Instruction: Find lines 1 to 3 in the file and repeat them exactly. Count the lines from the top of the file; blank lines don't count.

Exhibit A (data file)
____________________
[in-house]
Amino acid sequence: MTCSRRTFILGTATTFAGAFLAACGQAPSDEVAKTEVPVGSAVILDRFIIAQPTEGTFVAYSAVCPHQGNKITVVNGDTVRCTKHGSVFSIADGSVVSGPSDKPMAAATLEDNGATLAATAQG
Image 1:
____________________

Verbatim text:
[in-house]
Amino acid sequence: MTCSRRTFILGTATTFAGAFLAACGQAPSDEVAKTEVPVGSAVILDRFIIAQPTEGTFVAYSAVCPHQGNKITVVNGDTVRCTKHGSVFSIADGSVVSGPSDKPMAAATLEDNGATLAATAQG
Image 1: